Exactly 40 years after the momentous overthrow of the Shah of Iran, an overdose of theocracy has scarcely been able to contain a people’s upheaval. There are no religious underpinnings to the convulsions that Iran has suffered this week.

The riots, though reportedly crushed, are embedded in the deepening economic crisis and the resultant sense of hopelessness, ignited by an almost incredible 300 per cent increase in petrol prices, notably in the province of Isfahan.

The conflict may have abated for a while, but the overwhelming disaffection persists in a nation helmed by a moderate President, Hassan Rouhani, with the Supreme Leader, Ayatollah Ali Khamenei, as the overarching authority.

No critical decision can be announced without the latter’s approval, not least when it pertains to a commodity that is as close to the bone as fuel. The fact that Iran bears witness to the third popular movement in as many years reaffirms what this year’s Economics Nobel prize winners, Abhijit Banerjee and Esther Duflo, would call “poor economics”.

The average Iranian, his patience sorely tried, is up in arms again. If the report furnished by Amnesty International is any indication, there have been at least 143 deaths since unrest broke out on 15 November. The regime claims that 1,000 have been arrested; its detractors suggest four times that number may have been detained.

The upheaval has reached almost endemic proportions considering that 70 per cent of the provinces have been affected.

The reason proffered by the government for the abnormal increase in petrol prices has failed to convince the populace, partially impoverished. Primarily because the reasoning has been binned as a facile excuse for an unaffordable truth.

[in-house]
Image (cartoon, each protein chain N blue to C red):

The government claims that it wants to tackle fuel smuggling and give cash payments to the poorest three-quarters of Iran’s 80 million population. One problem is that the price hikes arrived first. Another is that, owing to official incompetence and corruption, many do not trust the authorities to deliver what they promise. Yet another contretemp is that in many cases the cash will not offset people’s increased fuel costs.

The broader context is of course the US withdrawal from the Iran nuclear deal known as the Joint Comprehensive Plan of Action (JCPOA), and America’s choking of the Iranian economy, already suffering after decades of mismanagement. Inflation and unemployment have soared. The impact has been most severe on the daily struggle of Iranians. The general confusion has been worse confounded with Donald Trump’s America pulling out of the nuclear deal, a move that was followed by crippling sanctions. The Trump administration’s actions have discredited President Rouhani and other reformists. Iranians are unlikely to see significant improvements in their dire economic condition unless this international context changes. The country is in crisis.